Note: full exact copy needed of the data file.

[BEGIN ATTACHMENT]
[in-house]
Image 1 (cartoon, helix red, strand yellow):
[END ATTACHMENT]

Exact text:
[in-house]
Image 1 (cartoon, helix red, strand yellow):